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Who Is Singing To The Children At The Border?

The author’s mother, Marisha (Panekiwicz) Rowse, pictured center with her mother and grandmother in 1947 in Krakow, Poland, one year after being reunited. (Courtesy)MoreCloseclosemore
The author’s mother, Marisha (Panekiwicz) Rowse, pictured center with her mother and grandmother in 1947 in Krakow, Poland, one year after being reunited. (Courtesy)

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I wonder if anyone is singing to the children on our southern border — all 2,000 plus children who were yanked out of their parents’ arms. Parents who were scared and desperate enough to come here, to a country where they are called criminals and animals by the man elected to our highest office. Weeks after the policies that separated families has ended, children are still separated from their parents. They are still in detention camps.

I participated in a silent prayer walk around an ICE building in Burlington, with about 100 other clergy and people of faith, to protest the immigration policies forcibly separating parents and children. For the whole hour and half, we walked in prayer, I had to sing quietly to myself to keep an unexpected panic at bay. Everything in my body told me to run, to get away. And so I sang over and over again: “Ubi caritas et amor, ubi caritas Deus ibi est”: “Where love and charity abide, God is there.”

I recognized later that my panic was inherited.

My mother, a Jew, born in Poland in 1937, was separated from her parents. First from her father, who was arrested and died on the way to Belzec, a Nazi death camp. Then from her mother, when she was deposited at an orphanage at about 6 years old, with a new name and a new backstory, to make her an acceptable orphan to the Catholic nuns who sheltered her for three years, the rest of the war.

The author pictured with her mother and younger sister in 1974 in Acton, MA. (Courtesy)
The author pictured with her mother and younger sister in 1974 in Acton, MA. (Courtesy)

She was separated from her mother again, as a teenager, when she was sent by herself on a boat to the United States, to live with an uncle she did not know, so she could receive an acceptable high school education.

My mother has always told these stories of her childhood in ways that lift up hope: the goodness of the people who helped; the humorous anecdotes and adventures; the minor miracles that added up, one after another, to her survival.

It was not until the Trump Administration’s policies of deportation and family separation — the literal ripping of children from their parents’ arms — that she said to me, “It brutalizes a child, you know, to be separated from their parents. My childhood was brutalized. Making people illegal is brutalizing. The Holocaust made people illegal too.”

Then she wondered out loud if the severe separation anxiety my sister had as a child was a manifestation of her own childhood separations; if the fear and desperation she had to push away to survive somehow passed down to her daughter. I have often had that same thought, but it was the first time either of us said it out loud to each other.

The intimacy of holding a child and singing -- it transcends the limitations of any words we might offer ...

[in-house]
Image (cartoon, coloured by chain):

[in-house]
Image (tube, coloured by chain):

When I was a child, my mother often would sing to me. She’d sing for all reasons parents do: to settle me at bedtime, to ease my fears in the wake of a bad dream, or just to help pass the time in the car. She loved listening to folk songs, bluegrass and gospel music — funny choices for an immigrant Polish Jew. She would often sing the Appalachian folk song, "Down in the Valley":

Down in the valley, valley so low. Hang your head over, hear the wind blow...

When I had a restless, colicky infant of my own, I sang to him for what felt like hours at a time — and often the same songs my mom had sung to me, and new songs I had learned, too. I wonder who sang to my mom, who taught her how to comfort and calm my sister and me this way? I imagine that my grandmother did when she could, but they lived together for less than a decade, and even then never for more than a couple of years at a time, before they were separated again.

Perhaps it’s instinctual. Parents have always sung to their children, everywhere, since human beings could hum. The intimacy of holding a child and singing — it transcends the limitations of any words we might offer to let them know they are beloved. We sing them through thunderstorms, bad dreams, fevers and bath time. We sing to teach them the alphabet and numbers. We sing “Happy Birthday” on that most important day of days. A child knows love when they hear it, even if it is a little off-key.

There is still no one singing to the children at the border.

A la nanita, nana

nanita, nana, nanita, ea

mi niño (niña) a tiene sueño (My baby is sleeping)

bendito sea, bendito sea (blessings for him, blessings for her)

Who is accompanying them through their fear and desperation?

Author's note: The author would like to thank her colleague Rev. Lilia Cuervo for her translation of the song, "A la Nanita, Nana."

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Ellen Spero Cognoscenti contributor
Rev. Ellen Rowse Spero serves as the minister at First Parish Unitarian Universalist in Chelmsford.

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